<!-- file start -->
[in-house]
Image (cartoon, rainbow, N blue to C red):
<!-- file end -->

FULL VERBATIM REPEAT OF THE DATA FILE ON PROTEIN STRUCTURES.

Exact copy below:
[in-house]
Image (cartoon, rainbow, N blue to C red):